When your son works for NASA, and your wife works for Subaru Telescope, does that mean you have a conflict of interest if your office prosecutes criminal cases arising from protests over constructing the Thirty Meter Telescope on Maunakea?
That’s the question elected county Prosecuting Attorney Mitch Roth is asking the county Board of Ethics in a petition scheduled to be heard Wednesday. Petition 2019-07 seeks an advisory opinion from the five-member appointed board.
Roth last month “conflicted out,” and turned 40 cases involving TMT protesters, who call themselves “kia‘i,” or “protectors,” over to the state attorney general for prosecution. He said Thursday he’s asking for an advisory opinion in case there are future arrests and also to clear the air and “be as transparent as possible,” after questions were raised in an August article by The Associated Press.
“Some people have to be embarrassed because their son is a drug dealer,” Roth said. “I have to be embarrassed because my son works for NASA.”
At issue in the AP article were concerns that Roth’s son’s employment with a telescope partner is a possible conflict. His 22-year-old son, Aaron Roth, works at the Jet Propulsion Laboratory. Those who work at that research facility are employed by the California Institute of Technology, which manages the laboratory.
Caltech is among a group of universities in California and Canada that make up the telescope company, with partners from China, India and Japan. They want to build the $1.4 billion telescope near the summit of Maunakea, a mountain some Native Hawaiians consider sacred.
Roth, who was elected in 2012 and 2016, told the AP he didn’t realize his son, whose work with a NASA Mars rover doesn’t involve the telescope, is a Caltech employee. He said he also wasn’t aware of Caltech’s relationship with the telescope.
A copy of the petition provided by Roth Friday expands his disclosure. The AP article mentioned that his wife, Noriko Yamada Roth, works for Subaru Telescope, which has the National Telescope for Japan on Maunakea. Roth said in his petition that her employer is the Research Corporation of the University of Hawaii, which is attached to the university for administrative purposes. The university, through its master plan and its appointed Mauna Kea Management Board, manages the Maunakea Science Reserve, where the mountain’s 13 telescopes are located.
“In part, because of the way the article was written and in part, how it was relayed in other media (radio and social media), there is a local debate on whether there is a conflict or an appearance of impropriety,” Roth said in his petition. “The fact that this has become a topic of local debate has me asking you for a formal opinion.”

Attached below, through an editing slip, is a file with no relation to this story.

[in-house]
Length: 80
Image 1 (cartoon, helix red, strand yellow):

The hot-button issue has drawn opinions from all sides.
“How does he not see that there is a conflict of interest? His wife for one is employed at one of the big island telescopes. And his son works with a company that are partners with TMT,” Honolulu resident Wendy Wilson said in an Aug. 29 Facebook post about the AP article. “If you ask me, you ain’t gotta be a rocket scientist to know there’s definitely a conflict of interest!”
State Attorney General Clare Connors hasn’t taken a public position on the matter, although she confirmed to the AP she told Roth the connection is too far removed to pose a conflict.
Roth also sought an opinion from the state Office of Disciplinary Counsel, a state office that handles complaints against Hawaii lawyers. The office couldn’t provide him a formal opinion, he said, but gave him citations of state law covering conflicts of interest. Roth said reading the law led him to the conclusion he has no conflict.
“Further, prior to the news story, I would say that there wasn’t even the appearance of impropriety,” he said in the petition. “However, the way that the story was portrayed and the debates that followed may have created an appearance of impropriety for me to handle these cases.”
Section 2-84 of the county ethics code states, “No officer or employee shall take any official action directly affecting … A business or undertaking in which the employee knows or has reason to know that a brother, a sister, a parent, an emancipated child, or a household member has a substantial financial interest.”
At the same time, Roth noted, “The (county) charter says I shall prosecute cases.”
The Board of Ethics meets at 10 a.m. Wednesday in County Council chambers in Hilo. The public can testify at the beginning of the meeting about agenda items.